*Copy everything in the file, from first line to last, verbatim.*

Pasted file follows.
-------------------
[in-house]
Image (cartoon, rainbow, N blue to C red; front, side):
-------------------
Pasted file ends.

[in-house]
Image (cartoon, rainbow, N blue to C red; front, side):